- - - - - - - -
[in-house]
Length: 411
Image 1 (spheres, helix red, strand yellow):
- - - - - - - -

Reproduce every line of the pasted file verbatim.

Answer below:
[in-house]
Length: 411
Image 1 (spheres, helix red, strand yellow):